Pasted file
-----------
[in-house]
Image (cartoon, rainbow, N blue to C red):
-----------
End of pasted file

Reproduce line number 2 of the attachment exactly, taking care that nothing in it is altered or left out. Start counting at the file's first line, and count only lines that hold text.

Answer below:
Image (cartoon, rainbow, N blue to C red):